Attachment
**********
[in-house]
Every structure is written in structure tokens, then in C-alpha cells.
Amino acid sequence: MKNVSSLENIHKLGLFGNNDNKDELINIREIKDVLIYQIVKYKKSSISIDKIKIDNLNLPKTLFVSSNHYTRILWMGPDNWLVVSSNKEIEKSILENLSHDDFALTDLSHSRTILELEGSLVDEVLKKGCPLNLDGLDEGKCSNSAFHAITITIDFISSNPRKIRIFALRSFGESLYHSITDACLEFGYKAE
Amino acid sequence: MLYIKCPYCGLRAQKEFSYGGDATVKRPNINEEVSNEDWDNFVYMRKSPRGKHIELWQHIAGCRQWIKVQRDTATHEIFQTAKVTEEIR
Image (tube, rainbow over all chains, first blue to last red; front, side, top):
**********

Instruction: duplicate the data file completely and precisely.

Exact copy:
[in-house]
Every structure is written in structure tokens, then in C-alpha cells.
Amino acid sequence: MKNVSSLENIHKLGLFGNNDNKDELINIREIKDVLIYQIVKYKKSSISIDKIKIDNLNLPKTLFVSSNHYTRILWMGPDNWLVVSSNKEIEKSILENLSHDDFALTDLSHSRTILELEGSLVDEVLKKGCPLNLDGLDEGKCSNSAFHAITITIDFISSNPRKIRIFALRSFGESLYHSITDACLEFGYKAE
Amino acid sequence: MLYIKCPYCGLRAQKEFSYGGDATVKRPNINEEVSNEDWDNFVYMRKSPRGKHIELWQHIAGCRQWIKVQRDTATHEIFQTAKVTEEIR
Image (tube, rainbow over all chains, first blue to last red; front, side, top):